The human pathogen, Plasmodium falciparum, the causative agent of the disease malaria, has a complex life cycle which includes development in multiple tissues within the human host and mosquito vector. During human infection, the parasite predominantly replicates asexually every 48 hours, going from one to up to 24 new parasites in every cycle. However, at a low frequency (1-3%), the parasite commits to a sexual differentiation program to produce male and female gametocytes that are critical for transmission to the mosquito vector and to complete the full lifecycle of the parasite. Development of the Plasmodium parasite within various cell types involves the regulation of nascent mRNA transcription as well as post-transcriptional mechanisms that impact mRNA stability. In most eukaryotic systems post-transcriptional regulation is mediated by the interaction of nascent mRNAs with specific RNA binding proteins (RNABPs). In this proposal we focus on the regulation of mRNA dynamics during the sexual stage of parasite development, a stage which has been relatively inaccessible to such studies until recently. By genetically engineering P. falciparum parasites to enable them to scavenge pyrimidine precursors, we can now feed them modified 4-thiouracil (4-TU), which they readily incorporate into newly transcribed RNA. These thiolated RNAs allow us to specifically address questions regarding RNA metabolism by capturing and identifying these nascent RNAs as well as their RNABPs. Our central hypothesis is that post-transcriptional mechanisms mediated by parasite specific RNA-binding proteins play a prominent role in gametocyte- specific gene regulation and are essential determinants of the parasite-transmissible stages of development. This study will directly profile real-time transcription and RNA stabilization, and will identify the RNABP involved in post-transcriptional control during the sexual stages of Plasmodium falciparum development.
Aim 1 will use our 4-TU labeling method to capture sexual-stage specific mRNA dynamics throughout gametocytogenesis by measuring nascent transcription and mRNA stability beginning with commitment to gametocytogenesis.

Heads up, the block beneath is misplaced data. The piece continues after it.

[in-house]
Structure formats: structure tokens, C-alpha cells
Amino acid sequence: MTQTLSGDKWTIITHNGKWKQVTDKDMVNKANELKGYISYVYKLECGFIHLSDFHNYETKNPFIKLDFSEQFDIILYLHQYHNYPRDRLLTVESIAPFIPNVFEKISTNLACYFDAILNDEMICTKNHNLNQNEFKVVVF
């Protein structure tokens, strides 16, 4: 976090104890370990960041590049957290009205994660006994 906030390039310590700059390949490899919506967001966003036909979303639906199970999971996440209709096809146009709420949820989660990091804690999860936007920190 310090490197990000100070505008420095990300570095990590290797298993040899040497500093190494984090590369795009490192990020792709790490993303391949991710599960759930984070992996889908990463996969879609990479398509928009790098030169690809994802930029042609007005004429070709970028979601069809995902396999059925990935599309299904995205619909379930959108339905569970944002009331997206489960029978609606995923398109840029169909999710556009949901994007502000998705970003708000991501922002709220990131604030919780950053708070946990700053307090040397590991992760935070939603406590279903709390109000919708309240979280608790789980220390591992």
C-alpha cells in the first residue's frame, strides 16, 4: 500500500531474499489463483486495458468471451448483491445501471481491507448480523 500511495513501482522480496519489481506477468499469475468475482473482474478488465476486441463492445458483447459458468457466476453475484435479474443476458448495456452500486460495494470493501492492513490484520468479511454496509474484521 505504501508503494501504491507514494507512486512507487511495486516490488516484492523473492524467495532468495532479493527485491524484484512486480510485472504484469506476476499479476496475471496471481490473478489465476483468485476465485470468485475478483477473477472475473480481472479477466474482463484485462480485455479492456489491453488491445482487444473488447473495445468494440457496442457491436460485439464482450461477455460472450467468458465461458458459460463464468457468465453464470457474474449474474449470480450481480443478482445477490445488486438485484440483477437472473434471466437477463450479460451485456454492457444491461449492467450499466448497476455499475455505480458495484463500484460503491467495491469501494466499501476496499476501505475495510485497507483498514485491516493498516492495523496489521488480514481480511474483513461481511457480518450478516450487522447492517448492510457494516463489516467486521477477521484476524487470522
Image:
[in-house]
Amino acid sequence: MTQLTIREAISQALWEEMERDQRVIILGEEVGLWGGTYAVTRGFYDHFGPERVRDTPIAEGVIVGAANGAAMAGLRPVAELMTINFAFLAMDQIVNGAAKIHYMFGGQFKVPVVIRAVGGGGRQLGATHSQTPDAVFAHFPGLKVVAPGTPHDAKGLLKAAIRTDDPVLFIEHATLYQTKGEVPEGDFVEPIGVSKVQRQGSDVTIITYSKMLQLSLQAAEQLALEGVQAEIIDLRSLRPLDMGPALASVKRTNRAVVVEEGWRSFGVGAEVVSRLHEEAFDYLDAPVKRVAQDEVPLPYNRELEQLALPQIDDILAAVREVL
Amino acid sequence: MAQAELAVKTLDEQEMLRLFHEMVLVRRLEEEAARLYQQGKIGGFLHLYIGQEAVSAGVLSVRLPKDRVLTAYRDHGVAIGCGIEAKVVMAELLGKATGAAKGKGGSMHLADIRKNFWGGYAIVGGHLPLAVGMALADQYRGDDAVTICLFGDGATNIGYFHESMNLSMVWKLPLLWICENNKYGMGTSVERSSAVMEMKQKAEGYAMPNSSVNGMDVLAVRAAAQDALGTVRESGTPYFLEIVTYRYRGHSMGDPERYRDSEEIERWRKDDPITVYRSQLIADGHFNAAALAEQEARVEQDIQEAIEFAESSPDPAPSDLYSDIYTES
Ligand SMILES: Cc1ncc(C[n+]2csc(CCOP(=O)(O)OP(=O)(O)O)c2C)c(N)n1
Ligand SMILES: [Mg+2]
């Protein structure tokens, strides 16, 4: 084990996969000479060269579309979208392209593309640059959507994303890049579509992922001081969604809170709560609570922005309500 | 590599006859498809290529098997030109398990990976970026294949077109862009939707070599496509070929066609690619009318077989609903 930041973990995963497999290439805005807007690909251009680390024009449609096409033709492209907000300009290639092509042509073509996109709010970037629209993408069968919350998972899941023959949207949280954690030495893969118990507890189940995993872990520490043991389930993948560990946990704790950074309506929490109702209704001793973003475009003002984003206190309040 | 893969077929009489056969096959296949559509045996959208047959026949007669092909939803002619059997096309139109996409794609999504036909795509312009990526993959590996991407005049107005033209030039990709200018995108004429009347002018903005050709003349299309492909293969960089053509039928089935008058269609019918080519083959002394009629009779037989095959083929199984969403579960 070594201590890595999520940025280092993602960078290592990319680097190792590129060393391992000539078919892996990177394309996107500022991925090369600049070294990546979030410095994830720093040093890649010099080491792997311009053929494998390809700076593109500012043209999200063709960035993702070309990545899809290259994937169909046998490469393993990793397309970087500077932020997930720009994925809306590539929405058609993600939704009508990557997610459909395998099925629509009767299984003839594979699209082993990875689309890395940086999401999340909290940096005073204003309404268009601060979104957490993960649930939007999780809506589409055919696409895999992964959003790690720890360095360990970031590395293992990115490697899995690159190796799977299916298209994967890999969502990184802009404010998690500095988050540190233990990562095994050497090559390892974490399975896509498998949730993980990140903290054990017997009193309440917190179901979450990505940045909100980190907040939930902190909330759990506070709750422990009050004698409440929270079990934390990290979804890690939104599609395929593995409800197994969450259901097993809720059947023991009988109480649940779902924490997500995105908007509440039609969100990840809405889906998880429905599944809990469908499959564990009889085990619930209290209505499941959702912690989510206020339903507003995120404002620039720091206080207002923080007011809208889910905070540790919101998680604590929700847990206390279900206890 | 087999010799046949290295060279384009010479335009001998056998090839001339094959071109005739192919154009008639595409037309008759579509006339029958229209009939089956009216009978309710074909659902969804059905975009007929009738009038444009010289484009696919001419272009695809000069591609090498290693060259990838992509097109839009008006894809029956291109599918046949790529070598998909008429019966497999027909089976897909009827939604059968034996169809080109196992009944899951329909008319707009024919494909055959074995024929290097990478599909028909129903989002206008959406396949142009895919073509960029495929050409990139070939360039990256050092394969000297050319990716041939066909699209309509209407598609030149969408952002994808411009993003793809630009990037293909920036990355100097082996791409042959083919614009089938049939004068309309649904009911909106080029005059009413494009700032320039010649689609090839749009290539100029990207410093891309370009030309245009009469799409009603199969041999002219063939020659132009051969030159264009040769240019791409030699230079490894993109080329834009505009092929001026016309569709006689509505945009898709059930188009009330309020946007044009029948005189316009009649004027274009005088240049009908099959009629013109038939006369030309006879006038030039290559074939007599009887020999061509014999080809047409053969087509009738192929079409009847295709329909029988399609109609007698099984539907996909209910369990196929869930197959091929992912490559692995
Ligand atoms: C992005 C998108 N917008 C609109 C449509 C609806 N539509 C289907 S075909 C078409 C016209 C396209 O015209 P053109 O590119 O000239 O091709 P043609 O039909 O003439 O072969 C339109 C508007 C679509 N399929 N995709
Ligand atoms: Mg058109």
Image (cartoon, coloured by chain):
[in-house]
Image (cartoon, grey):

In Aim 2 4-TU labeled RNAs will be crosslinked to their cognate RNABPs and assayed by proteomics to determine an atlas of all sexual- stage RNA-binding proteins and define the RNA recognition motifs that promote this interaction. Additionally, we will use a targeted immunoprecipitation-based approach to define the specific RNA- protein interactions of several sexual-stage RNABPs including PfPuf2. This study will pave the way for future studies of RNA regulation using these tools and approaches and will enable the design of new antimalarial strategies to combat malaria transmission. !
Plasmodium falciparum is a devastating human pathogen that is the major causative agent of malaria, a disease that afflicts nearly half a billion people worldwide resulting in 1-2 million annual deaths, mostly of children and pregnant women. Although blocking transmission of the sexual stage of the parasite to mosquitoes is a major goal toward malaria elimination, there is little understanding of this developmental stage and few antimalarials are effective at killing sexual stage parasites. To identify new therapeutic targets, the proposed research presents a new approach to dissect 1) the transcription and stabilization of RNA as well as 2) the role of RNA binding proteins during the sexual stages of development in P. falciparum.
|Painter, Heather J; Chung, Neo Christopher; Sebastian, Aswathy et al. (2018) Genome-wide real-time in vivo transcriptional dynamics during Plasmodium falciparum blood-stage development. Nat Commun 9:2656|